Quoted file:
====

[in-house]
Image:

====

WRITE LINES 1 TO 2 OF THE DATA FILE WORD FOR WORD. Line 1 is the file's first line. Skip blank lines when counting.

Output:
[in-house]
Image: